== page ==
Terpenoids form the largest sub-family of specialized metabolites with their immense possibility in the expansion of structural diversity. The Review Article by Karunanithi and Zerbe provides up-to-date knowledge on the functional diversity and molecular evolution of the plant terpene synthases widely across the plant kingdom. The Original Article contributed by Muchlinski et al. reports biosynthesis and emission of mixtures of monoterpenes and sesquiterpenes triggered by the generalist herbivore in Switchgrass. Three papers focus on triterpenoid saponins. Lei et al. studied the large-scale profiling of saponins in 201 ecotypes of Medicago truncatula. The Original Article by Fanani et al. reports the detailed investigation on the molecular basis for C-30 oxidation of triterpenoids leading to the production of high-value saponins such as glycyrrhizin in Legume licorice. Cárdenas et al. in their Mini-Review Article discuss convergent and divergent evolution in triterpenoid biosynthesis, and the mechanisms increasing structural diversity within and across plant species.

Three contributions dealing with nitrogen- and sulfur-containing specialized metabolites are included. Morris and Facchini(a); Morris and Facchini(b) provide an overview of the functional diversification of methyltransferases in the biosynthesis of benzylisoquinoline alkaloids. The Review by Chhajed et al. discusses the cellular and subcellular organization of the glucosinolates -myrosinase system, its chemodiversity and functions in different cell types, emphasizing single-cell-type studies. Sugiyama and Hirai provide an up-to-date information on the diversity and the role of atypical myrosinases beyond the classical model of glucosinolates -myrosinase system.

Overall, this Research Topic becomes an excellent anthology to exhibit state-of-the-art on the theme of Topic by contributions from world-experts of this field. The Research Topic can play a role as a sort of flagship topic of the Specialty Section of Plant Metabolism and Chemodiversity. The curiosity-driven fundamental research on the origin and evolution of diversification of plant chemicals is primarily essential. Besides, the basic knowledge obtained could contribute to solving the current global problems such as climate crisis and pandemic diseases. I hope this Research Topic could be a landmark of future research in this field.

Author Contributions

KS contributes entirely to the paper.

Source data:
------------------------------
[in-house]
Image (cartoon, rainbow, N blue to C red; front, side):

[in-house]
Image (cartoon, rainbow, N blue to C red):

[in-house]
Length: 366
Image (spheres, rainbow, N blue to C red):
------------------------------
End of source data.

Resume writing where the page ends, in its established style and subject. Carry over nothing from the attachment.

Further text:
Funding

This work was supported by the JSPS KAKENHI program (grant number 19H05652 to KS) and by the Strategic Priority Research Promotion Program of Chiba University.

Conflict of Interest

The author declares that the research was conducted in the absence of any commercial or financial relationships that could be construed as a potential conflict of interest.

Acknowledgments

I thank all authors and reviewers who contributed to the success of this Research Topic. I also acknowledge the Frontiers Editorial Office for their technical support.

References

Afendi, F. M., Okada, T., Yamazaki, M., Hirai-Morita, A., Nakamura, Y., Nakamura, K., et al. (2012). KNApSAcK family databases: integrated metabolite-plant species databases for multifaceted plant research. Plant Cell Physiol. 53:e1. doi: 10.1093/pcp/pcr165

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Rai, A., Saito, K., and Yamazaki, M. (2017). Integrated omics analysis of specialized metabolism in medicinal plants. Plant J. 90, 764–787. doi: 10.1111/tpj.13485

PubMed Abstract | CrossRef Full Text | Google Scholar

United Nations (2018). Sustainable Development Goals, Knowledge Platform. Available online at: https://sustainabledevelopment.un.org/ (accessed May 24, 2020).

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Keywords: phytochemicals, plant metabolism, metabolomics, biosynthesis, specialized metabolite, evolution, chemodiversity, plant chemicals

Citation: Saito K (2020) Editorial: The Origin of Plant Chemodiversity – Conceptual and Empirical Insights. Front. Plant Sci. 11:890. doi: 10.3389/fpls.2020.00890

Received: 05 May 2020; Accepted: 29 May 2020;
Published: 30 June 2020.

Edited and reviewed by: Kirsi-Marja Oksman-Caldentey, VTT Technical Research Centre of Finland Ltd, Finland

Copyright © 2020 Saito. This is an open-access article distributed under the terms of the Creative Commons Attribution License (CC BY). The use, distribution or reproduction in other forums is permitted, provided the original author(s) and the copyright owner(s) are credited and that the original publication in this journal is cited, in accordance with accepted academic practice. No use, distribution or reproduction is permitted which does not comply with these terms.

*Correspondence: Kazuki Saito, kazuki.saito@riken.jp